they are still in need of some
more good people. The volun-
teer hours are very flexible and
you can volunteer out of the
convenience of your home, as
all contacts made with victims
are done via telephone.
If you are interested in volun-
teering and if you want to know
if you qualify to participate in
this program, please contact the
Palm Beach County Sheriff's
Office at (561) 688-4195 and ask
for'Marla Galindez (Volunteer
Program Coordinator and
Domestic Violence Victim Advo-
cate).


Ex
Si
Br
Va

D.


Law Offices of Robert L. Vaughn, P.A.

.^ ......


Clewiston, FL 33440
(863) 902-9211


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Crimestoppers


Annette Faith Miller


Crimestoppers of Palm Beach
County is seeking public assis-
tance in locating the where-
abouts of Annette Faith Miller.
She is listed as a black female
born Oct. 15, 1965. She has
black hair, blue eyes, has a scar
under her left arm and on her
forehead.
Her last known address is SW
7th Avenue, in South Bay. Her
last known occupation is recre-
ation. She is wanted for violation
of supervised recognizance for
aggravated assault with a deadly
weapon and domestic battery.
If you have information
regarding the whereabouts of
Miller, please call (800) 458-TIPS
(8477). You may remain anony-
mous and may be eligible for a
cash reward.


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Thursday, June 30,2005


6 Serving the communities south of Lake Okeechobee


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Serving the communities south of Lake Okeechobee


ThursdayJune 30 2005


Children and adults attending the Serengeti Trek vacation bible school at First United
Methodist Church gather at the closing ceremonies. The themed bible school ended June 17.


Children


explore


safari
Trekking across the dangerous
plains of the Serengeti is no place
'for small children, unless the
adventure is born within the imagi-
nation of the child.
Such was the case for local chil-
dren who attended the Serengeti-
themed vacation bible school, held
at First United Methodist Church
last week. For more than 50 chil-
dren, teenagers, and adult teachers,
the week of June 13-17 featured a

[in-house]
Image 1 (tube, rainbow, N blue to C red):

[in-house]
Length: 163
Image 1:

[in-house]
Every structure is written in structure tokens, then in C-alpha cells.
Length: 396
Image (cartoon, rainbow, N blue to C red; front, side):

ride into the African wilds while
relating their discoveries of exotic
animals to their bible studies.
Each night began with a light
supper, followed by singing, excit-
ing bible study and crafts, and of
course, wild jungle games.


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-1 -- =---- Sinead McManus claps her
-----.---
From left to right, John Paul Vann, Karlee, Zoie Cotton, Tara, hand to the beat of a song,
Johnathon Crespo, Bruce Jones, and Ifiok Edemidiong were during song time at First
all part of the pre-school class during First United United Methodist Church's
Methodist's Serengeti Trek vacation bible school. vacation bible school.


Clewiston school briefs


Class of '85 reunion
The- Clewiston High School
Class of '85 is beginning plans for
the big 20th class reunion and
are looking for help in the plan-
ning of and contacting of former
classmates. The reunion is
scheduled for July 29-30. For
more information, contact Chris
Wellslager at 983-8778 or 983-
5121 or Missy Walker at 983-3169
or 228-2890.,
Cub Scout meetings
Cub Scout Pack 667 meets
every Thursday in the Clewiston


Youth Center at 6:30 p.m., and
has room for more members.
Come check us out. Currently,
we are building go-carts. Parents
are invited and encouraged to
come. Call Angie at the Youth
Center for more information.
Please help if you can
Girl Scout Troop 455 is trying
to research the history of Girls
Scouts in Clewiston. If anyone
has any pictures, memorabilia,
etc., please contact Lisa Owens
at (863) 228-7895.


Free diabetes,.
education classes
Free Diabetes Education classes
are being offered at Hendry
Regional Medical Center. Call Toni
at 983-1123 for more information.
Friday Nights Lights
Evangel Church Assembly of
God Outreach Center is open from
7-10 p.m. every Friday to all 7-12
grade students in our community.
Activities available include basket-
ball, three play station 2 units,
music, and games. Snack bar with
great prizes is open each night.


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Summer
Continued From Page 1
singing songs. Their favorite activ-
ities are swimming.
Angie says, "My favorite thing
about summer camp the
smiles on the.kids' faces when
they tell %ou they are' having fun!"


-She added, "Eer\ child should be
able to enjoy summer camp. It is
a great way to have fun and make
new friends. Camp makes a kid
'feel good!"
There is still time to sign up for
the last session that begins June
27 and ends July 15. Call the
Recreation Department at 983-
1492 for more information.


WE CAN HELP REBUILD YOUR CREDIT!


Camp Funarama CIT of the
Week Maria Teixeira. The
winning CIT takes home a
buggy full of school sup-
plies, and all the CIT's